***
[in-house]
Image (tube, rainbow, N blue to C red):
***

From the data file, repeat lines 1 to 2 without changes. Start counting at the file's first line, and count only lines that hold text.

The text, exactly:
[in-house]
Image (tube, rainbow, N blue to C red):